Vermont’s Catholic schools may put their faith in a higher power but, like public school districts around the state, when it comes to reopening for in-person learning, they also rely on a plan.
The Diocese of Burlington’s re-opening plan for its 10 affiliated Catholic schools, titled “United in Faith, Returning with C.A.R.E.” — the last word stands for Communities and Academics Reimagined Effectively — includes many of the same protocols as public schools. There are guidelines about face coverings, hand washing and physical distancing.
As evidenced by the plan’s title, it also includes a note on faith and God: “As schools within the Roman Catholic Diocese of Burlington, we are proud of our longstanding history of strong communities supporting our students’ faith formation and academic excellence,” the plan states. “This is rooted in our belief that the most effective and meaningful formation in the faith takes place when students and teachers are together in community. It is in community that we most authentically encounter the Heart of Christ and in our schools, it is His Sacred Heart that illumines our studies in all academic areas.”
Some schools plan on more in-person school days than the public schools. Rice Memorial High School in South Burlington plans to be open for in-person learning for four days, with Wednesday fully remote.
The reopening plan for Bishop John A. Marshall School in Morrisville, which educates students through 8th grade, but it strives for five days a week, fully knowing it has to prepare for zero days, or somewhere in between.
Bishop Marshall’s plan noted that, well, kids are kids.
“As a school community, we cannot deny the possibility of any germ and/or virus exposure through participation in any of our programs. Our children are not robots and theirs is a language of love and affection. We will make every effort possible to maintain the safety measures contained in this document; however, we wish to emphasize that in-person learning presents risk of exposure to any number of germs and viruses: including COVID-19.”
Among the diocese’s rules, there are 14 listed instances that require hand washing — if students learn little else this academic year, they’ll be experts in clean hands.
Like public schools, the diocese expects all students and staff to wear face coverings, but the language regarding masks is a bit laxer, more “should” than “shall.”
“Facial coverings should be worn by all staff and students while in the building when physical distancing cannot be maintained,” the reopening plan states.
The mask policy also notes caveats from the American Academy of Pediatrics and the Centers for Disease Control and Prevention that young children and those with certain health and behavior problems could be exempted from masking up.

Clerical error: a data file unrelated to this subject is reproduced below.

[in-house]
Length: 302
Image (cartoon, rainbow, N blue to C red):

Bishop Marshall is much stricter in its mask requirements, down to the uniformity of them, much like their maroon-and-white school outfits. Parents will put their kids’ masks on for them while in the car, and the school will provide another if the student loses or ruins it. If it gets to the point that the school is doing too much of that, it might start charging for replacement masks.
The diocese is leaving up to individual schools the decision of whether to do the daily health screenings at the school or do them at home before heading to school.
If the screening is done at school, parents who drop their kids off will be required to stay during the screening so they can take the student home if the health screening isn’t passed. And any school employee who fails the screening will be sent home, and a contingency plan will be developed to make sure someone else can cover the staffer’s job duties.
If screenings are done at home, parents and guardians will have to sign an agreement with the school promising to do the screening every day before going to school. And if kiddo is sick, kiddo stays home.
For bus riders it’s up to the bus company to do health screenings before students board. Bus riders will, therefore, undergo two daily screenings, all before entering school. Bishop Marshall students don’t ride the bus.
After school, coaches and advisors will be responsible for making sure the students abide by the same safety measures they do while in school. Sports rules will be the same as for all public schools, as set by the Vermont Principals Association, which governs organized varsity sports.
If students do not participate in after-school activities, they have to be picked up or otherwise be off campus by 3 p.m.
In order to keep a controlled environment, the only people allowed in the school will be students and those responsible for their learning. Parents picking up kids for appointments or other reasons will wait outside and have faculty fetch the student.
Parents popping in used to be a welcome occurrence at Bishop Marshall, but in lieu of that, the school will distribute a newsletter at the end of each school day so parents can get a constant sense of what’s going on in those walls.
Parent/teacher conferences will be done remotely, as will regular meetings of the PTO.
At Bishop Marshall, events such as Back to School Night, Homecoming, Grandparents' Thanksgiving Luncheon, the Christmas Craft Fair and the Christmas concert are canceled for 2020.
“We know this school year will look much different than any other school year any of us have known, but we promise to work to fulfill our mission each and every day, whether we are together or apart this year,” the Bishop Marshall plan states. “We are committed to educating all of our students with compassion, love and dignity, while encouraging them to reach their fullest potential by utilizing and growing their God-given talents.”